Media Release: Four Lucky Aussie Teens to Experience Summer Camp in the States


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Blind Citizens Australia, as part of their commitment to providing opportunities for young people who are blind or vision impaired, has selected four teenagers this July to attend Enchanted Hills Summer Camp in California, USA.

Enchanted Hills Camp and Retreat (EHC) provides programs for blind children, teens, adults, deaf-blind, seniors, as well as families of the blind. Since 1950, Enchanted Hills has delivered valuable opportunities for recreation in a fun, challenging and accessible way. Located on 311 acres on scenic Mt. Veeder, Enchanted Hills is just 10 miles west of Napa, California.

This year’s Teen Session runs from 19 – 27 July and is attended by 60 campers aged between 15 – 20 who are all blind or vision impaired. Campers participate in outdoor recreational activities, art and craft, music and drama, swimming, horse riding, cooking, hiking and a variety of other activities.

Many of the staff are blind and vision impaired and work closely with the campers to facilitate their time there as well as acting as role models.

Tyan Taylor, 28 from Berowra and Tess Whelan, 21 from Melbourne will be mentoring the teens during their trip to the States and will also work as the Recreation Area Leader and Dinner Cook respectively.

Tyan believes it is important for teenagers to experience something like the Enchanted Hills Camp and is returning this year to not only work in the camp but also support the young Australian’s attending for the first time.

“With such a strong mentoring staff at EHC it allows campers to not only build on existing skills but challenges campers to help encourage the development of problem solving skills and team work through a range of different activities and experiences all within a nurturing environment,” said Ms Taylor.

“EHC offers a chance to share experiences and skills with others in a fun and relaxed environment. This allows campers to gain better insight into not seeing their impairment or disability as a negative but to see the potential and to chase their dreams.”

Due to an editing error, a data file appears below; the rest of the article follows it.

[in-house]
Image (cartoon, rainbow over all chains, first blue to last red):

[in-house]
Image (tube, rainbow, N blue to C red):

Anthony Fletcher, Director of Enchanted Hills Camp also believes that meeting other mentors who are blind or vision impaired from different backgrounds can empower ideas about blindness, develop confidence and a positive philosophy.

“One of the best features of a cultural exchange program is the chance to make new friends for a lifetime, both inside and outside the camp environment,” said Mr Fletcher.

“Whether you are sharing a cabin or participating in the same activities, these programs allow campers to make friendships that could last a lifetime.”

Blind Citizens Australia CEO, Emma Bennison, is thrilled to be able to provide this opportunity to the four young people chosen to attend EHC.

“Part of our strategic plan moving forward is to continue to look for ways to develop future young leaders from within the blind and vision impaired community,” she said.

“I am sure these four teenagers will have a life changing experience and BCA is excited to be able to facilitate this. It is our hope that in the future we can deliver a similar camp experience here in Australia and allow more young Australians who are blind or vision impaired these opportunities to interact with each other and build on their leadership and life skills.”

The four Australians who will be attending EHC are Zaheera Casoojee,18 from Springwood, Queensland, Griffith D’Souze, 18 from Rooty Hill, New South Wales, Jess Clark 19 from Sydney, New South Wales and Alayna Campbell 20 from Bendigo, Victoria.

For more information please contact:

Kathie Kelly
Fundraising and Social Media Consultant
Blind Citizens Australia
Phone: 0439 724304


Background Info

Who is Blind Citizens Australia?

Blind Citizens Australia (BCA) is the national organisation of people who are blind or vision impaired and is recognised as the major peak representative body for this constituency. Since 1975, BCA has provided information, peer support, individual and systemic advocacy, and consultancy services to its members and the wider community.

BCA Branches act as local representative groups and provide opportunities for social interaction for members. It has grown to an organisation of 3000 individual members and seven affiliated organisations.

Our mission is “to achieve equity and equality by our empowerment, by promoting positive community attitudes, and by striving for high quality and accessible services which meet our needs”.

With over forty years of history, BCA has worked tirelessly “To Change What it Means to be Blind” both for Australians who experience vision loss and for blind and vision impaired people throughout the world.

Specifically this has included:

  • providing peer support
  • providing individual and systemic advocacy
  • facilitating information exchange
  • empowering its members
  • promoting positive community attitudes
  • striving for high quality and accessible services which meet individual needs